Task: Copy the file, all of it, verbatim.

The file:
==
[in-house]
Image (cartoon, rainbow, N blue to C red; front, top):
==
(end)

[in-house]
Image (cartoon, rainbow, N blue to C red; front, top):